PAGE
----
What does this mean for those of us with faith in a good God and in a story arc of history that ends with the return of the Prince of Peace, making it incumbent on us to act to bring the Kingdom of God into reality in the here and now to herald His goodwill?

I can think of some possible answers.

For instance, it occurs to me that we might not be enough but God is, that we do our best and have faith that He will take care of the rest. I’m not in a place right now where that’s any comfort. I think of children drowning in the Mediterranean Sea, alone and terrified in the dark water, and the thought that God is great and in control does nothing to ease my awareness of their agony, breathing terrible life into my imagination. It only raises questions as to why He doesn’t make it stop.

Or one could take the fallen world route: It’s a fallen world and bad things happen. Inadequate, in my opinion, in the extreme.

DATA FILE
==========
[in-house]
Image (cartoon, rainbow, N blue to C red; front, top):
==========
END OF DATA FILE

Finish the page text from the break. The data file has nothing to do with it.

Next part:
It’s at a Kierkegaard level of depressing, but I think that a more likely answer is that it’s a good idea to lean into the pain and confusion. The hopelessness. The “Why, GOD?!!” of it all. Maybe a good dose of faced-up pain is an ideal antidote to our lethargy-inducing awareness of the world’s ills. We know we can’t fix it, that it’s all too much, all too big, but maybe if it hurts too much to do nothing, we’ll keep trying anyway in ways that go beyond reposting.

And it sounds more like a jingle than a timeless truth, but God does specialize in hopeless. It isn’t consistent with the hyper-American, pseudo-Christian notion that folks should pulll themselves up by their own bootstraps and that followers of Jesus should always try to look like the happy, attractive, smart, put-together and economically successful side of the culture war (pardon my hypocritical bitterness), but according to Paul—no mean source—God’s power enters through our weakness. It’s not that God takes care of what’s lacking in our efforts; it’s that the inherent failure in our efforts is like His chosen point of entry, His raw materials.

What we do manage to accomplish ourselves is almost incidental.